SEDBERGH:  township and focus of an ancient parish in Ewecross wapentake, West Riding of Yorkshire.

Acreage of administrative unit

The township of Sedbergh contained 19,603 acres [7933 ha], divided between four subdivisions: Howgill & Bland (5443 acres [2203 ha]); Frostrow & Soolbank (3492 acres [1413 ha]); Marthwaite (2570 acres [1040 ha]); and Cautley & Dowbiggin (8297 acres [3358 ha]).  Much of the township comprised rough fell land: over 15,000 acres [6100 ha] survives as registered common land, the largest commons being Brant Fell (6758 acres [2735 ha] and Bluecaster Fell (7556 acres [3060 ha], which is partly in Garsdale CP).                            


1639 in 1801, rising to 2346 in 1861 when the Ingleton Branch railway was being built.  Since 1961 the usually resident population has stayed at just over 2200. In 2001 it was 2705 including Sedbergh School .

Land ownership

At the Norman conquest the manor was held by Tostig and soon after Domesday was held by the de Mowbray family.  Later the manor was split into about six parts.  In 1601 the two major manors were united by the Stricklands who held them for around three hundred years until they were sold to John Upton.  The Uptons of Ingmire Hall had bought up land in Sedbergh from the second half of the eighteenth century onwards.  When the Ingmire estate was finally broken up in 1928 this manor was effectively split into parts.

Economic activity

At least seven mills with three surviving until after WWII during which they were put to military use.  Birks 1790, cotton, woollen, bobbin, egg packing and now a food depot.  Millthrop 1796, cotton, horse blankets, burnt down in 1967 and now private housing.  Farfield 1837, woollen, horse blankets, tweeds and now an arts and heritage centre.  Earlier, hand knitting had been an important activity with some hand loom weaving.  Sedbergh Turnpike Trust 1761. Mines and quarries for extracting roof slabs, Silurian “Blue Rag” stone and limestone.  Employment also provided by the railway 1861, gas works 1851 and an electric power station.   Now a Book Town with tourism and agriculture currently the major industries and with Sedbergh School the major employer.  Market charters 1254 and 1526. Cattle fairs then a cattle market all of which have ceased.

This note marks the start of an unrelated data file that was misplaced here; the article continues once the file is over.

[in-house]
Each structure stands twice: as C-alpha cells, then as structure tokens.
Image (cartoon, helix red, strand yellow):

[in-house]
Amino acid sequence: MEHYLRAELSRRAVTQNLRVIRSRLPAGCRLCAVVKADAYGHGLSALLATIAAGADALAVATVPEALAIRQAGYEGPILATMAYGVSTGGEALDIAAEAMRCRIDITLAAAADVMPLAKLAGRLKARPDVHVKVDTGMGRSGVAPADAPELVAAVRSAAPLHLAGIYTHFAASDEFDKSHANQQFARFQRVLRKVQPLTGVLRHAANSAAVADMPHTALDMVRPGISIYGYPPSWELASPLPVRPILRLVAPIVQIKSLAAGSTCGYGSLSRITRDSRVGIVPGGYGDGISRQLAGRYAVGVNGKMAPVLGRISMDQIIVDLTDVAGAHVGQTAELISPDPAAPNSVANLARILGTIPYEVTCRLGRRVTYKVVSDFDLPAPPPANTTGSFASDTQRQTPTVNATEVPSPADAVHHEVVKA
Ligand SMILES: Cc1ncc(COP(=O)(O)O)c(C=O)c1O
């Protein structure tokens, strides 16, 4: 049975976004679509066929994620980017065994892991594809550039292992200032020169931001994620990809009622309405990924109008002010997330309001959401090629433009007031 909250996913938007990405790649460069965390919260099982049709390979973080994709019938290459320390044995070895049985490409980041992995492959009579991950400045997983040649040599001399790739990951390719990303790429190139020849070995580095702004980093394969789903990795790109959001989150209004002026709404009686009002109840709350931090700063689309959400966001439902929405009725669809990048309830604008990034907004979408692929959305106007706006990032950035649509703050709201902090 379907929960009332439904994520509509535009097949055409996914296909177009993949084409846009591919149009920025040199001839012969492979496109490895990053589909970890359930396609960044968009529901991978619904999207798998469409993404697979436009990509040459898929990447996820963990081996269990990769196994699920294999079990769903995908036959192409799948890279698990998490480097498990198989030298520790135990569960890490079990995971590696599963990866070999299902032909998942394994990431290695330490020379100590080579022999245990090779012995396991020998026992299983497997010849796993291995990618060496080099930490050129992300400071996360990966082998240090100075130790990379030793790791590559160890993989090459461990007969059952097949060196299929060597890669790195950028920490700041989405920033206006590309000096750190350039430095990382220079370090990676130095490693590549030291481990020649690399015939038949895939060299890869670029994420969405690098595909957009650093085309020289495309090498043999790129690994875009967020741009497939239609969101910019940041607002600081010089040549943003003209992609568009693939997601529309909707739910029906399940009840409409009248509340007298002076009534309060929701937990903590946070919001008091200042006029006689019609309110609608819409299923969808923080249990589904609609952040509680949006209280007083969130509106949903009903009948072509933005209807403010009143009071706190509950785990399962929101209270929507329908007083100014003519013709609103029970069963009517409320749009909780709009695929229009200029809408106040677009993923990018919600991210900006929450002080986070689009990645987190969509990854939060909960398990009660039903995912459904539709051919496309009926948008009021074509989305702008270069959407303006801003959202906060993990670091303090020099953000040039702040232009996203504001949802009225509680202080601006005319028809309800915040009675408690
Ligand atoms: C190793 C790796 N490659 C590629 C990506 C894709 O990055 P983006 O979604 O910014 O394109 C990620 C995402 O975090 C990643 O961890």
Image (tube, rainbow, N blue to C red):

Places of worship

Medieval parish church of St Andrews Church dating from 12th century; chapel of ease at Howgill, 1685, succeeded by Holy Trinity 1838; St Marks Church, Cautley 1847.  St Gregory Vale of Lune built as a private chapel 1861, consecrated 1918, closed 1984. Sedbergh School Chapel 1890, rebuilt 1897. Society of Friends meeting house at Brigflatts 1675. Wesleyan Methodist chapels in Sedbergh 1805, built on new site 1865 and 1914, in Cautley 1845 and in Frostrow 1886. Primitive Methodist Chapel in Millthrop 1889-1993. Independent Chapel 1821 built on new site 1828 and enlarged 1872 now United Reformed Church.  Roman Catholic Chapel in Millthrop 1956-1975, since then sharing St Andrews.


Sedbergh School founded 1525 as a Free Grammar School combined with a chantry, became Free Grammar School of King Edward VI in 1551 then given a new scheme in 1874, now also includes a junior school.  National School 1842, British School 1843 and these became Sedbergh Primary School 1967. Sedbergh Secondary Modern School 1949 which became Settlebeck High School, a comprehensive school, in 1980. Baliol Girls School 1900-1932, later became various types of special school.  By eighteenth century there were local schools in Sedbergh, Cautley and Howgill. Dames schools including one run by Julia Green converted to a prep school 1897-1938.

Almshouses founded by Thomas Palmer 1848, Reading Room and Market House given by Rev J.H. Evans 1858, Book Club 1728 and 1782, Public Hall 1865 later became a cinema, Peoples Hall 1956, Police Station 1864, Workhouse 1732, Sedbergh Union Workhouse 1854, Queens Gardens 1902, Cemetery 1890, Community Office 1995.

Additional sources used

Sedbergh & District History Society archive.

Compiled by:  members of Sedbergh & District History Society.